• Legendary 'Bullet to the Head' Director Walter Hill: Teaming with Stallone Took 30 Years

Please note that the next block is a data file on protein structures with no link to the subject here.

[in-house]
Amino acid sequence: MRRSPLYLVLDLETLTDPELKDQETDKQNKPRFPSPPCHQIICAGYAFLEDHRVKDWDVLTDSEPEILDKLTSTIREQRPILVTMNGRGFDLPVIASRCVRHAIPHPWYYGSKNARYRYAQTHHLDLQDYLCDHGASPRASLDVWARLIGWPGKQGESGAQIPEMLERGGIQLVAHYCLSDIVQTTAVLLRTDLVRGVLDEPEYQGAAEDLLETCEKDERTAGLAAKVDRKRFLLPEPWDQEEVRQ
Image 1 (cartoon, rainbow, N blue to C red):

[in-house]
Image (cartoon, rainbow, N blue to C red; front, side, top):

By: Matt Patches Jan 24, 2013